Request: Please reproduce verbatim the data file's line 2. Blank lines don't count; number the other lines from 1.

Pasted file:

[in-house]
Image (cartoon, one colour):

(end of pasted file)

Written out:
Image (cartoon, one colour):